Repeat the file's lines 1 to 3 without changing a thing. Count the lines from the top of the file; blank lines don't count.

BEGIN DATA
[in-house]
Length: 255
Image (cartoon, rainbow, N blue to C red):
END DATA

[in-house]
Length: 255
Image (cartoon, rainbow, N blue to C red):